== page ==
The Well Workplace

Deborah Lechner

Deborah Lechner, ErgoScience President, combines an extensive research background with 25-plus years of clinical experience. Under her leadership, ErgoScience continues to use the science of work to improve workplace safety, productivity and profitability.

Recent Posts

Physical therapy as an alternative to opioids in treating musculoskeletal injuries

Posted by Deborah Lechner
Mar 15, 2017 1:54:41 PM

The use of opioid painkillers has skyrocketed to epidemic levels in the United States in recent years. According to the Centers for Disease Control, there were enough opioid painkillers prescribed in 2012 for every American to have their own bottle (almost 260 million prescriptions). Opioids are highly addictive, and taking them can lead to dependence and overdose, which is now the primary cause of accidental death in the U.S.

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Slips, trips and falls prevention with pre-hire testing can trump any new regulation

Posted by Deborah Lechner
Feb 14, 2017 1:44:51 PM

In November 2016, the U.S. Occupational Safety and Health Administration (OSHA) issued a final rule updating Walking-Working Surfaces standards, with a focus on slips, trips and falls hazards. The rule, which OSHA estimates will prevent 29 fatalities and more than 5,842 injuries annually, is not expected to become a target of President Donald Trump and the Republican Congress as part of their pledge to “eliminate unnecessary regulations,” according to industry experts.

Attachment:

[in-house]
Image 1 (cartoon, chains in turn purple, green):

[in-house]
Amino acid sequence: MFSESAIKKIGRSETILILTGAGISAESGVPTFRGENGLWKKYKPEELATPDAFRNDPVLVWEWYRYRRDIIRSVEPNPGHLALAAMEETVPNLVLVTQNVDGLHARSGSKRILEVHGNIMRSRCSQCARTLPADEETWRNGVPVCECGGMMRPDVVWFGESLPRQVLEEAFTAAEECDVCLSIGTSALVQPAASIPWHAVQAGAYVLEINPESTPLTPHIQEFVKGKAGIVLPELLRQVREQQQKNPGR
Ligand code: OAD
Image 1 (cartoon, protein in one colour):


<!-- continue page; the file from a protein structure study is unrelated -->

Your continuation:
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New OSHA Regulations for 2017: What do they really mean for employers?

Posted by Deborah Lechner
Jan 17, 2017 11:28:46 AM

The Occupational Safety and Health Administration (OSHA) issued several new regulations in the last months of 2016, set to go into effect in January 2017. Since they were announced, the regulations have been subject to more than a little misinterpretation and confusion. Many employers are left wondering, for example, if they can still drug test employees who are injured on the job (they can). We share the following information, of course, with the understanding that the incoming Trump administration’s staunch anti-regulation stance may change things after the inauguration.

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Physical Abilities Testing: How it can help or hurt your company’s reputation

Posted by Deborah Lechner
Dec 14, 2016 3:53:12 PM

Recently, we have been looking at how Physical Abilities Tests can help mitigate compliance, operational and financial risk. In this post, we’ll address the ways that Physical Abilities Testing can affect an organization’s reputation

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Minimize costly work-related injuries and mitigate financial risk with one easy step

Posted by Deborah Lechner
Dec 7, 2016 2:51:43 PM

The bottom line is ultimately one of the most important things a business organization considers with every decision. As such, risky financial moves are often avoided. If your organization requires a labor force capable of physically demanding work, there is an easy way to mitigate financial risk: the implementation of Physical Abilities Testing.